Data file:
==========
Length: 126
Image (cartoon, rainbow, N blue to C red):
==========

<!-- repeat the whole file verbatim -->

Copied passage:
Length: 126
Image (cartoon, rainbow, N blue to C red):